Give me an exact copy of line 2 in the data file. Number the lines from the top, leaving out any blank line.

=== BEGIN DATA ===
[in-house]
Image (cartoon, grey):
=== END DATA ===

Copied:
Image (cartoon, grey):